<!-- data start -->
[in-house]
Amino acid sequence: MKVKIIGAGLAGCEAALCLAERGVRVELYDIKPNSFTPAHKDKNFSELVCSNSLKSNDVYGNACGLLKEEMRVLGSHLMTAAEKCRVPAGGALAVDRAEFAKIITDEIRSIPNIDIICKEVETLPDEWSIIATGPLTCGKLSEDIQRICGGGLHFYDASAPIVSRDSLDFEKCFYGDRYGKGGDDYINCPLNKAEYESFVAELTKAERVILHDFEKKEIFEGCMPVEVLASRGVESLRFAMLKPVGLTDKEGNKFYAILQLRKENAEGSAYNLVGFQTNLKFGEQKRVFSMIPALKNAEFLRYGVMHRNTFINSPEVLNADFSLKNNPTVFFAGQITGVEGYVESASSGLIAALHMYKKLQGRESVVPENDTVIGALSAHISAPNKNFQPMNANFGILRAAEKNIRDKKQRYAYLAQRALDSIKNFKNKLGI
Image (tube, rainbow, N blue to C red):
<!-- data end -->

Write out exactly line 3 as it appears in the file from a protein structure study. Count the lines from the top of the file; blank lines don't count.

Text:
Image (tube, rainbow, N blue to C red):